Sunday, August 23, 2009

Cooking in stone and clay pots

Something about cooking beans in a soapstone pot makes them taste better. Or maybe it’s just me. And there is quite simply no better way to make a shrimp moqueca than in a big clay pot. Perhaps I just feel differently about food cooked in an old-world stone or clay pot.

There are two types of cookware you will find for sale along the side of the road: stone and clay. Big black clay pots (made of mud and mangrove tree sap) are often stacked three high in three sizes and lined up along the dirt shoulder in coastal areas. Handwritten signs hawk the pots, 4qt., 3qt. and 1.5 qt. with lids, 3 for R$10 (or just US$5.50).

When driving through the state of Minas Gerais you can find pots carved from local soapstone. Various sizes are available, as are pizza stones and other meat roasting platters. These pots are not quite so cheap, but still a dream for the price.

When we were first dating, Luiz secured my heart via my stomach and my fondness for all things rustic by having me over for a seafood moqueca cooked and served in a clay pot brought from Brazil. In these clay (or stone) pots you can sauté or boil on top of the stove, or cover and roast inside the oven. Then they go, beautifully, from the stove to the table, keeping the food warm with their dense thermal properties.

Today Luiz cooked up some white beans and stewing meats in a big stone pot and his famous perfect rice in a smaller pot. Many thanks to Carlinhos and Dü, our friends in Belo Horizontes, who brought us these wonderful pots for our birthday last May.


GingerV said...

why didn't I read this before I went to Minas - I would love those pots....

Anonymous said...

We bought a variety of sizes of these great pots just by the roadside outside of Buzios.....I have a question , how did you cure the pots before using? Anita

Jim said...

Hi Anaita - The stone pots were wiped down with cooking oil inside and out then placed in a warm oven. We did this three times.

Our clay pot (which I think you are referring to) was an old pot by the time Luiz and I met 10 years ago. He seems to remember also oiling the pot and placing it in a warm oven when he first got it. Sounds right to me.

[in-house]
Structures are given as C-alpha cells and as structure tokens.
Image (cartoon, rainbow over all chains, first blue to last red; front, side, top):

Not too much oil, just enough to get soaked into the pot. Also, for our newer stone pots I oil them a bit after washing them after use, just like you would a cast iron pan. But in time this is not necessary.

Internatgirl said...

Do you know the Brazilian name for the clay pots?


Jim said...
This comment has been removed by the author.
Jim said...

Tey again - for correct spelling...

The only name we know for the pots is "panela de barro" - or clay pot.

Hope that helps.


Internatgirl said...

That's good enough... and of course I meant the Portuguese name....

Thanks so much,

Anonymous said...


I live in the U.K. so how could I get one clay and one stone pot from your country?

Many thanks


The Unfinished Woman said...

Hi Jim,

I chanced upon your blog when looking to buy soapstone cookware online! I live in Winnipeg Canada and have been looking to buy these beauties without any luck. Would you be able to direct me to any online seller? Or perhaps someone who would be able to source and send? I did see a seller from BC but the prices seemed over the top and looked more 'designer' than 'traditional'.

Look forward to hearing from you,

Thank you,

Jim said...

Hey Sharmila - Unfortunately I don't know of an online seller. You might consider taking a fabulous vacation to lovely Brazil and coming to get exactly what you want! :-) Good luck.